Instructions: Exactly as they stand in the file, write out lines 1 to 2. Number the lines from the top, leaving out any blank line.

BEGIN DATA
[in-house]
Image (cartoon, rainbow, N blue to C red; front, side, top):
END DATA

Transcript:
[in-house]
Image (cartoon, rainbow, N blue to C red; front, side, top):